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'Die Hard' actor dies
James Shigeta, a prolific and pioneering Asian-American actor whose 50-year career includes the movies "Die Hard" and "Flower Drum Song," died in his sleep in Los Angeles on Monday, his agent said. He was 81.
Family feud cost millions of lives
On July 28, 1914, Austria-Hungary declared war on Serbia. Over the next week, Europe's royals exchange a flurry of telegrams.
Last Enola Gay crewman dies
Theodore "Dutch" Van Kirk, who navigated the Enola Gay when it dropped an atomic bomb on Hiroshima, has died, his family says.
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New report shows nearly $2 billion of GI Bill funds go to for-profit colleges
Veterans coming home from Iraq and Afghanistan are enrolling at for-profit colleges and some of those companies operating on campus “appear to be taking advantage of a loophole.” That loophole lets the companies count GI Bill benefits as non-federal (non-taxpayer) money, according to a report released earlier today from Senator Tom Harkin, chairmen of the Senate Health, Education and Labor Pensions (HELP) Committee.
The report shows for-profit college companies received $1.7 billion in Post-9/11 GI Bill benefits during the 2012-2013 school year. That’s nearly a quarter of the benefits paid under the program the companies are pocketing. While overall enrollment in these institutions fell between 2009 and 2013, the report indicates the enrollment of veterans has “dramatically increased,” allowing those companies to cash in on the loophole Harkin identifies.
Also according to the report, “veterans are unusually attractive students for for-profit colleges [because] those eligible for Post-9/11 GI Bill benefits offer [them] a guaranteed stream of federal revenue.” Additionally, unlike students with federal student loans, veterans attending are not at risk of default because the U.S. government foots the bill.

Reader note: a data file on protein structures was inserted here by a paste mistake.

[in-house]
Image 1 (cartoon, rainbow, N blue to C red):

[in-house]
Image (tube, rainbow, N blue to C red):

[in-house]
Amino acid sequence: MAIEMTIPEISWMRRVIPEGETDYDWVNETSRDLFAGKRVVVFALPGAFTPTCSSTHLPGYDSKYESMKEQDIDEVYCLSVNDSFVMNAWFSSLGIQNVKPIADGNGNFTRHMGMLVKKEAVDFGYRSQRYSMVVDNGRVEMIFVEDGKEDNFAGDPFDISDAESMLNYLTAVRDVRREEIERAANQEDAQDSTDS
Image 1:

Furthermore, while the Higher Education Act requires that at least ten percent of the revenue comes “from sources other than federal financial aid funds,” the Post-9/11 GI Bill does not count as federal financial aid under Title IV.
In the 2008-2009 academic school year, the report notes “as many as 60 percent of the total number of students who enrolled in some of the companies receiving the largest amounts of GI Bill benefits left school within a year of enrollment,” without a degree or a diploma.
This means taxpayers are paying twice as much for veterans to go to these institutions than public schools, for an education they never even complete.
One of the schools which has received the most Post-9/11 GI Benefits, Corinthian Colleges Inc., is planning to sell or close its 100 campuses over the next six months. Corinthian reached a deal with the Department of Education in June following accusations employees changed grades, falsified attendance and job placement reports and inappropriately marketed its programs.
Seven other for-profit college companies are also facing similar investigations by states attorneys general or federal agencies for “deceptive and misleading recruiting,” according to the report.
According to this Center for Investigative Reporting, PBS NewsHour collaborative report, University of Phoenix Vice President, Garland Williams said, veterans choose those schools because of the programs they offer.